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Postdoctoral position for a highly motivated postdoctoral fellow interested in studying the impact of chronic stress on the activity of the medial prefrontal cortical (mPFC) excitatory/inhibitory circuitry in males and females

Understanding the impact of chronic stress on the activity of the mPFC excitatory/inhibitory microcircuitry

The Labonté lab is opening a postdoctoral position for a highly motivated postdoctoral fellow interested in studying the impact of chronic stress on the activity of the medial prefrontal cortical (mPFC) excitatory/inhibitory circuitry in males and females. This project builds on results from our group showing that chronic stress interferes with the inhibitory control of principal cells differently in the mPFC of chronically stressed males and females. The aim of this project is to define how stress impacts the transcriptional programs controlling the activity of the different inhibitory interneuron subclasses in the mPFC and dissect their individual contribution on the disruption of the mPFC excitatory/inhibitory balance required for proper emotional responses to chronic stress in males and females.

The successful candidate should possess a PhD degree in either behavioral or computational neuroscience with an established record of productivity in these fields of research. The lab models complex emotional responses to chronic stress through different paradigms including social defeat stress, chronic variable stress and prolonged social isolation. The project involves combining different trans-sectional viral approaches with single-cell RNAseq, patch clamp electrophysiology and single-cell Ca2+ imaging in freely behaving animals during stressful and operant tasks to ultimately dissect and confirm the contribution of cell-type specific gene programs on the maintenance/alteration of the excitatory/inhibitory balance in the mPFC of stressed males and females. Of particular interest, our lab owns unique human molecular profiles which provide highly translational findings relevant to clinical populations. This project is fully funded.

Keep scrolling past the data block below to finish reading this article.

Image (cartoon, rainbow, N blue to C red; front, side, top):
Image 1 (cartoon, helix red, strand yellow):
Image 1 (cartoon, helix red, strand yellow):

The candidate should have proven expertise with the assessment of mouse behavior and stereotaxic delivery of viral vectors. The candidate should also have a have a strong background with either patch clamp electrophysiology and/or Ca2+ imaging. Previous molecular expertise is a plus and proficiency with Matlab, R and Python coding would be ideal. The successful candidate will be responsible to coordinate and perform the experiments, collaborate with MSc and PhD students in the lab, write manuscripts and present its work at national and international scientific meetings. The candidate will integrate a multidisciplinary team of experts in molecular, cellular and integrative neuroscience located at the CERVO Brain Research Center affiliated with Laval University in Quebec City, Canada.

The CERVO Brain Research Center is a leading multi-disciplinary research and training environment with >40 laboratories and over 250 trainees and staff pursuing basic and clinical neuroscience research. It offers transdisciplinary environment with state-of-the-art facilities aiming to understand the central nervous system at the molecular, cellular, systems, and clinical levels in normal and pathological states. The CERVO is located in Quebec City, one of the oldest cities in North America and a UNESCO World Heritage travel destination. As a cultural center of North America, Quebec City is also a truly affordable city with a European flair. The city is embedded in a region rich in nature that offers an abundance of outdoor summer and winter activities. The CERVO is a fully bilingual environment and, while several options to learn French are available, the English language is prioritized in the lab.

Applicants are required to send a motivation letter and their scientific CV with three reference contacts.

Date d'affichage: 
2021-05-31 - 2021-07-31
Contact: 
Benoit Labonté

Financement / Soutien / Partenaires

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